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You Don’t Say?

2011 January 15

          Saying is believing – isn’t that the expression some use? (Okay, it’s Seeing, but close enough.) Others plead, “From your lips to God’s ears.” Or the opposite: Say it ain’t so!

          But talk is cheap. We all know it takes more than talk to make something happen. But we also believe in positive and negative energy, and that it can be generated not just with our words but with our attitudes. It’s why we avoid complainers. And why we shun Debbie Downers and Nervous Nellies in favor of Positive Petes. But incessantly sweet or irrationally sunny types (Pollyannas, if you will) unnerve us, because we’re not interested merely in Happy Talk. We want our upbeat views suffused with just the right amount of realism.

          I’ve long encouraged fellow Michiganders to say good things about our state. Talk up the mitten (and the top hand, too!) – or at least stop putting yourself down. Will it help? Not by itself. But it can’t hurt, right? And I know of plenty of tangible reasons to be optimistic. I’m aware that both longtime and fledgling businesses are hiring new employees to do exciting and innovative and important work. (But even if I weren’t, I wouldn’t make a point of talking about it. And I certainly wouldn’t complain about it. What good would it do merely to complain?)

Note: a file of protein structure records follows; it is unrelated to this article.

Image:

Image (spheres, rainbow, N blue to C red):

Good news begets good news. As positive signs appear, more of us are not only receiving that message but we’re also spreading and acting on it. The Pure Michigan advertising and marketing campaigns are helpful. Governor Snyder’s Reinvent Michigan campaign promise, if bolstered by effective policymaking and fiscal support, offers not just hope but a viable new mission. And the burgeoning Michigan movie industry not only diversifies our local economies but it’s a sexy and self-multiplying industry (think hotels and cabs and restaurants and movie maps and tourist traps). The movie business attracts a great deal of attention, especially among the all-important younger cohort. And it creates its own iconography, which offers a built-in self-advertising advantage.

          So go out and tell about it. Tell it! If we don’t say so, who will?

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